Me and my Guy

“A stunning first impression was not the same thing as love at first sight.

 

But surely it was an invitation to consider the matter”

 

Lois McMaster Bujold

 

 

In 1981 I started reading a book by Robert Ludlum called The Bourne Identity (perhaps you’ve heard of it)? I was 14 years old and loved to read murder mysteries, thrillers and desperately romantic short novellas (which sounds ever so much more exotic than the 104 or thereabouts Harlequin Romances I read one summer). They all had stories about things I did not fully understand but of course was intensely curious about. Most of my friends read Tiger Beat or Seventeen or nothing at all, so I pretty much discussed my latest book of intrigue with the dog or the cat if they’d listen. I was interrupted in the middle of Jason Bourne and his Greek satchel entering a bank vault and finding his stash of passports and money and guns, when Angus McKay knocked at our door. His best friend Pete had recently started dating my sister and he was looking for him. He was almost 5 years older than me and I knew who he was but had never spoken to before. The conversation went something like this:

 

“Who’s book are you holding kid?” said Angus, acting cool and sporting a smug smile, hair that curled and messed on top of his head like he’d not brushed it in days.

 

“ I would appreciate not being called a KID first of all and it happens to be my book but perhaps a Neanderthal such as yourself couldn’t understand such big words!” (that was me, sweet and such)

 

Throws head back and laughs. “ Well looks like somebody shit in your cornflakes this morning kid. Bourne gets killed in the end you know, have you made it to Berlin yet?”

 

Sarah, momentarily fluxed, pulls out the big zingers in her 14-year-old repertoire, stamps foot for impact. “ Well you are ridiculous, of course he won’t die. Honestly can’t believe you couldn’t even make it through ‘til the ending so you made that up. I refuse to speak to you any longer!” Stomping out of room, back straight, shoulders back.

Angus, chuckling calls out “ don’t skip to the back, just ‘cause you can’t stand it now!”

 

And that was our first meeting. Epicly underwhelming I know but it set the course for many more years of fun for Angus and me, like an old dog, never fully developing the capacity to resist reacting to his always deliberate attempts to make me stomp my foot. For him, it’s like sport.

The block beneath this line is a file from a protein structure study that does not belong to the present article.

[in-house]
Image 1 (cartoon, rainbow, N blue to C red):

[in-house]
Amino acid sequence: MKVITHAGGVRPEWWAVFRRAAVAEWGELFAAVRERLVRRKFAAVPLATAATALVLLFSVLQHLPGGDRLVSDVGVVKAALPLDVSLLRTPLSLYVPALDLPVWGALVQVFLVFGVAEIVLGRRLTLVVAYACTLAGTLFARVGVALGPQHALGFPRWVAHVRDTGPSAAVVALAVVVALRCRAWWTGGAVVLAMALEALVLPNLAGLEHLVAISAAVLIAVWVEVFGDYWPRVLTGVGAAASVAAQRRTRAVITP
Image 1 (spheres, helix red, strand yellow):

For many years thereafter Angus and I hung out with a crowd of friends from our hometown. I was one of the youngest but somehow always connected with this group. We drove around in the guys ‘souped up cars, hung out in driveways and coffee shops and at night held bush parties in fields far away from our parents, car radios at maximum volume ‘til the batteries died or the sun came up. We never dated, just circled the wagons so to speak and more than once I asked him if he liked me, which he vehemently denied and then would proceed to tell me that whoever my boyfriend was at the time, he didn’t deserve me. He organized camping trips for us all on more than one occasion, booked the sites, rememebered to bring wood and an axe, reminded us to bring food and tents and beer and basically looked after us all to a degree. When my parents divorced and my living circumstances changed dramatically, he didn’t miss a beat, just showed up at the new addresses as I moved, again and again and never questioned the whys or the how comes?

 

When he graduated from College, he took me as his date, even though he insisted we were just friends. His father showed up in full Navy formal dress whites and boomed and saluted everyone, and his Mother delighted me with stories about being a girl in Montreal. There was a (not to be indelicate) “larger” girl in his class who was good friends with him, who leaped up on a table in the full swing of events at the dance and crashed to the floor in a magnificent boom and splintering of wood, much to his amusement and my horror. Later on that evening, sitting on somebodies living room floor. while Angus and his multiple Rye and Cokes snoozed in a corner, she kind of threatened my life through clenched teeth in a whispery, Cruella-de Ville kind of way and told me he would someday be hers. In reflection, I think I viewed that as a challenge.